Labour: Conservative royal charter 'dilutes' Leveson
Conservative proposals for a new press regulator backed by royal charter "do not implement the Leveson report", Labour has said.
On Tuesday the Conservatives set out their plans for a regulator with a royal charter supervised by a "recognition panel".
Labour's Harriet Harman said the plan, as it stands, would "dilute" what Lord Justice Leveson had recommended.
Ministers insisted the regulatory system would be "tough" and effective.
In November the report on press standards by Lord Justice Leveson, commissioned in the wake of the phone-hacking scandal, recommended an independent, self-regulatory watchdog for the press that would be backed by legislation.
This has been backed by the Liberal Democrats and Labour, although both parties have indicated they are willing to discuss other options.
Prime Minister David Cameron said he did not believe a bill was necessary to set up the new regime and, instead, the Conservatives say a royal charter is the right way to provide legal backing for any new press regulator.
Royal charters are formal documents that have been used to establish and lay out the terms of organisations, including the BBC and the Bank of England, and cannot be changed without government approval.
Shadow culture secretary Harriet Harman told MPs that Labour had been engaging in cross-party talks on how best to implement the report in "good faith", but added: "What Leveson proposes is fair and is reasonable, it protects free speech and protects people from abuse and harassment by the press.
"There can be no justification for watering it down.
"The most straightforward way of implementing Leveson is by statute rather than by Royal Charter and statute, but whatever the route that is chosen it must be the full Leveson not Leveson lite."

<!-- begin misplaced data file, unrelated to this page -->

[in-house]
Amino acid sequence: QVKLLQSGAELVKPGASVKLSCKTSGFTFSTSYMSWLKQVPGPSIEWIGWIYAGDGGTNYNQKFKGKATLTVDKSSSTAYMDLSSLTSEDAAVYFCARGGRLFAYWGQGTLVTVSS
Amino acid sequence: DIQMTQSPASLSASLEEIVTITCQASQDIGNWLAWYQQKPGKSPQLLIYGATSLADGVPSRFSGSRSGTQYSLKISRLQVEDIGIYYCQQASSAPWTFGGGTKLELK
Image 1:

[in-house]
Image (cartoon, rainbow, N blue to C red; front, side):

She raised concerns about the possibility of government ministers being able to tamper with the royal charter through the Privy Council at any time and urged clauses in statute providing this could not happen.
Under the Conservative plans, the charter could only be amended by the recognition body if the leaders of the three main political parties in the House of Commons agreed and any changes were approved in Parliament.
If the Privy Council wanted to make changes to the charter it would not have to get the approval of the leaders of the three main political parties.
Ms Harman also sought assurances that the Conservatives would amend the charter to remove the involvement of the press industry in appointing members of the independent board.
The Conservatives want the new independent self-regulatory body to be governed by a board which would be set up "without any direction from industry or influence from government".
They say the board will be mostly made up of people who are independent of the press, but would include a sufficient number of people with experience of the industry such as former editors and senior or academic journalists. Serving editors, current MPs or government ministers would be excluded.
Culture Secretary Maria Miller told MPs the Conservative plan was "tough regulation, a tough package and delivers the principles of Leveson" and added: "We continue to have grave reservations around statutory underpinning and as such we have concerns about implementing a press Bill."
The royal charter she maintained "reflects a principled way forward, proposed by the Conservatives from this side of the coalition and we're clear that it is a workable solution".
"It would see the toughest press regulation this country has ever seen without compromising press freedom."
But she added "it is only a draft and we will continue to debate it as part of the cross-party talks and we will continue to seek to secure agreement".
"We are all committed to the Leveson principles - this is about taking the Leveson Report forward and making sure that it will work in practice and the challenge before all of us is to find an agreement, I think the victims deserve nothing less."